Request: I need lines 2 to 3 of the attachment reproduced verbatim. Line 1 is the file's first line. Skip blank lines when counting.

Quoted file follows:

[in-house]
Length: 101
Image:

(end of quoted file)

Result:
Length: 101
Image: